Rav Chaim Fasman


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Chaim Zelig was a child on the move.

His father, Rabbi Oscar Fasman, led one kehillah after another until finally settling in Chicago, where he took the helm of Beis Medrash L’Torah (Skokie). Chaim, an outstanding bachur, learned in the yeshiva until his Rebbe, Reb Mendel Kaplan, sent him off to Eretz Yisrael to advance his learning.

The Ponevezher Rav chose to prepare his shiurim with Chaim.

The Brisker Rav accepted him as one of the fifteen original talmidim in his yeshiva.

Rav Aharon Kotler invited him to be his talmid in Lakewood.

But the yeshiva that would ultimately define the still “out-of-town” bachur, was Bais Hatalmud. There, Chaim studied under Reb Leib Malin and became the talmid muvhak of Reb Chaim Visoker, who primed him in teaching Torah and understanding people.

After his marriage, Chaim set out to fulfill his dream of spreading Torah in America. 

Rabbi Chaim Fasman did the unthinkable — he left the sheltered confines of the yeshiva world for Los Angeles, California, which he envisioned as a city thirsty for Torah. He founded one of the first kollelim in America and transformed Los Angeles into a flourishing empire of Torah. 

This is the fascinating story of Rabbi Chaim Fasman, builder of Torah in America.

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Book Reviews

The Jewish Press


It is rare that you read a biography about someone whom you knew and come away with the feeling that the book truly captured the essence of its subject. Rabbi Akiva Fox has authored such a masterpiece with his biography of Rav Chaim Fasman, founder and rosh kollel of Kollel Bais Avraham in Los Angeles.


There are many facets to the book. With the biographical material about Rav Fasman’s parents, followed by Rav Fasman’s studies in Chicago, Ponevezh, Brisk, Lakewood and Bais HaTalmud before trailblazing Torah on the West Coast, the book serves as a history of the development of Torah in the West and Midwest.


With countless vignettes of Rabbi Oscar Z. Fasman, Rav Chaim’s father, we develop an appreciation of his personality and the challenges facing the rabbinate and Jewish educators in the middle of the twentieth century. The author did extensive research by speaking with numerous people who knew Rabbi Chaim Fasman from his youth (such as Rabbi Berel Wein, who can always be trusted to have some good stories) and his time in Ponevezh and Bais HaTalmud, to those who accompanied him to fight the challenges of opening a kollel in the then midbar of Los Angeles, to those who worked with him in Los Angeles and many Chavrei HaKollel from a period of over 40 years.


We learn of his devotion to Torah and tefilla and his never-ending sense of responsibility to the kehilla. Having studied in the kollel for five years, I could hear Rabbi Fasman’s voice coming alive again through these pages, and I can testify that the stories told of which I have first-hand knowledge were all told with fidelity to accuracy.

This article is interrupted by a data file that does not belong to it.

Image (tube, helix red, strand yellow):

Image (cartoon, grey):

Rabbi Fasman was not satisfied with remaining within the “four cubits of halacha” but spread his wings to other areas in which he felt there was a communal need. The book mentions his involvement in upgrading the level of kashrus in Los Angeles. At one point it quotes him as saying that he regrets not insisting that “only places that don’t need a hechsher receive a hechsher.” I suspect this has a connection to something touched on earlier in the book, in which it mentions that in 1933 Rabbi Fasman senior had embarked on a trip to Europe to meet some of the gedolim there. Not mentioned in the book was his meeting with Rav Yosef Yonah Horowitz of Frankfurt. I heard him tell at a grandson’s bar mitzvah that after meeting with Rav Horowitz, they asked him where there were kosher restaurants. After Rav Horowitz told them, they asked if they were all under a reliable hechsher. The Rav responded that the rule in Frankfurt was that anyplace the needs a hechsher did not receive a hechsher. Only places that did not need a hechsher were given one.


The book mentions that Rav Fasman was instrumental in planting the seeds for several outreach organizations that are currently active in Los Angeles. It doesn’t sufficiently address what he did on behalf of the Persian community. In the mid-80s, while there was already a large Persian community in Los Angeles, few of its members were Torah-observant, and there were no schools to teach their children according to their mesorah. Rabbi Fasman brought Rav Dovid Zargari to the kollel to help him become established and subsequently to build a Persian Torah community, including shuls and schools. The flourishing community that exists today in Los Angeles is a result of Rav Fasman’s efforts.


The older I get, the more I realize that when I was younger I had opportunities to learn from people who had much Torah to share, and I did not take full advantage of those opportunities. It wasn’t that I wasn’t interested, it was that I didn’t realize or appreciate what it was that they had to offer until the opportunity had long passed. One of the people that always comes to mind when I think of that is Rav Fasman. From Rav Kreisworth and Rav Mendel Kaplan in Chicago, to Rav Shmuel Rozovsky and the Brisker Rav in Eretz Yisroel, to Rav Leib Malin and Rav Chaim Visoker in Bais HaTalmud, he had absorbed a gargantuan tradition of learning and Mussar that imbued the way he conducted his life. We will never see such a person again.


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